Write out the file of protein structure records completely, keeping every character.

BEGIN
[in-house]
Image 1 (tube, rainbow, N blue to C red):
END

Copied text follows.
[in-house]
Image 1 (tube, rainbow, N blue to C red):